Samba

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Samba allows you to access network drives on Windows computers from your Linux computer and to provide network drives for Windows computer on your Linux computer. If your computer accesses a network drive, you are using the Samba client. If you provide a network drive on your computer, you are running the Samba server.

Contents

Mounting a network drive

You are on a Linux computer and want to mount a Windows computer's shared drive. To do this, open a console and type

mount -o username=user,password=password //computer/share /mountpoint

Here you replace user by your user name, password by your password, computer by your computer's name, share by your share's name and /mountpoint by your mountpoint, e.g. /mnt/samba. Note that your mountpoint has to be an existing directory. This example has been tested with SUSE Linux Enterprise Server 10 and Windows Enterprise Server 2008 but should work same or similar with any distribution.

Providing a network drive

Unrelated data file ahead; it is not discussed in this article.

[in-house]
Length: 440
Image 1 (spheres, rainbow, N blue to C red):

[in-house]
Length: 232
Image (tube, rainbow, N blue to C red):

In this chapter we discuss how to provide a network drive that is accessible for Windows and Linux computers in the network. Make sure /etc/samba/smb.conf contains the following:

[global]
	security = share

[tmp]
	comment = Temporary file space
	path = /tmp
	read only = no
	public = yes

Then open a console and issue

/etc/init.d/smb restart

Then mount the tmp share

mount //localhost/tmp /mnt/smb

If this works, congratulations! Your samba is dancing now (ha, ha, bad joke ;) To make samba startup after a reboot, say

chkconfig smb on

TroubleShooting

If you get

mount error 13 = Permission denied

You may have to add the samba user for the mount. Like this:

smbpasswd -a root

See also